A home designed by John S. Van Bergen sits in a parking lot while awaiting relocation. Early in his career, Van Bergen worked for Frank Lloyd Wright. Wright's influence is obvious in this example of his work.
The Knights of Malta is a lay Catholic religious order recognized by some nations as kind of, sort of, a sovereign state. Some nations appoint ambassadors to the order and the order appoints its diplomats. It has no real territory, but it has observer status at the UN, issues license plates, stamps, and mints coins and issues international passports. Three passports, to be exact.
The order provides services similar to the work of the Red Cross.
As for the role of the patron, Wikipedia explains that "the patron, who is always a cardinal, has the task of promoting the spiritual interests of the Order and its members, and its relations with the Holy See."
In January 1943 the maternity ward of Ottawa Civic Hospital in which Princess Margriet of the Netherlands was born was temporarily declared to be extraterritorial by the Canadian government. Making the maternity ward outside of the Canadian domain caused it to be unaffiliated with any jurisdiction and technically international territory. This was done to ensure that the newborn Princess would derive her citizenship from her mother only, thus making her solely Dutch.
Similarly in 1945, the birth of Alexander, Crown Prince of Yugoslavia happened in Suite 212 of Claridge's Hotel in London, England, United Kingdom, which was temporarily ceded as Yugoslavian territory.
The Catholic Church synod is a soap opera, according to John Allen
Some of the drama: A cardinal (Reinhard Marx) finds the view that doctrine can never change "restrictive," while all-but-ousted Vatican official, Cardinal Burke, is obviously teed off about the synod report, losing his job and Cardinal Marx.
President Obama revealed on Friday that his credit card was declined at a restaurant in New York City while he was in town for the U.N. General Assembly. "It turned out I guess I don't use it enough, so they thought there was some fraud going on," he said with a grin to a roomful of reporters, who roared with laughter. "Fortunately Michelle had hers."
The reason for declining the card makes the story seem plausible, but it's possible that he was joking.
This morning, I arrived at the State and Grand underground station to find several blocks around Illinois and Clark St in Chicago closed because of a suspicious package. Earlier today, a building at O'Hare was evacuated because of a suspicious package.
At first I thought it was a TV or movie shoot, but I asked a reporter who told me what was going on. I took a few photos at a distance, but didn't have the right lens and, anyway, I can't upload photos right now. Maybe I'll post something later.
Anita Sarkeesian, a feminist cultural critic, has for months received death and rape threats from opponents of her recent work challenging the stereotypes of women in video games. Bomb threats for her public talks are now routine. One detractor created a game in which players can click their mouse to punch an image of her face.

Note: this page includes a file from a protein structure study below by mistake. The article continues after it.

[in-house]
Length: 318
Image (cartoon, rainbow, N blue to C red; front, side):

Not until Tuesday, though, did Ms. Sarkeesian feel compelled to cancel a speech, planned at Utah State University. The day before, members of the university administration received an email warning that a shooting massacre would be carried out at the event. And under Utah law, she was told, the campus police could not prevent people with weapons from entering her talk.
A Chicago man whose high-speed crash killed a passenger over the weekend was convicted of another death while driving drunk on the South Side two decades ago, Cook County prosecutors alleged Tuesday.
Dwayne Montgomery, 37, who has a history of DUI convictions, had a blood alcohol content nearly four times the legal limit after the Saturday afternoon crash, prosecutors said. He has never been issued a driver's license, according to the Illinois secretary of state's office.
Montgomery crashed into a light pole about 1 p.m. while driving his girlfriend's Dodge Intrepid at high speed in the 8100 block of South Chicago Avenue, shearing off the passenger side of the car and severing his passenger's right arm, Assistant State's Attorney Alex Molesky said. The car then went airborne and struck a parked Honda Pilot, she said.
Just speculating, but Montgomery might have a drinking problem.
A home with prime views of the third and fourth holes at Whitmoor Country Club has been vacant for two years because of a creepy crawly problem. The home was infested with between 4,500 and 6,000 brown recluse spiders, according to one estimate. The previous homeowners abandoned the 2,400-square-foot atrium ranch after years of pesticide treatments didn't curb the invasion. The home went into foreclosure and hasn't sold, apparently because no one wanted to live with its history.
Blue-and-orange striped tarps covered the house this week as an exterminator blasted the spiders and eggs with 200 pounds of sulfuryl flouride gas, pumped in at 67 degrees below zero.
I just read Rot Riot and Rebellion, about the founding and first decades of the University of Virginia. Those early UVA students make today's college students look like models of responsibility and decorum. They were so bad they made Thomas Jefferson cry.
Yesterday, I received a recorded phone message from a credit card company after a suspicious transaction was flagged. Turned out to be nothing, but the message amused me.
The message pronounced my first name with an American accent and my last name with an Italian or Spanish accent, similar to the way NPR people conspicuously pronounce Spanish names with a Spanish accent. I listened to the message several times and the pronunciation sounded more Italian than Spanish to me, but it could have been a machine attempt at Spanish.